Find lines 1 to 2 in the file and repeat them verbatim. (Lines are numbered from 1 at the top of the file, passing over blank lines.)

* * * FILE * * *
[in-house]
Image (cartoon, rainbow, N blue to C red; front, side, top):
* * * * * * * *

[in-house]
Image (cartoon, rainbow, N blue to C red; front, side, top):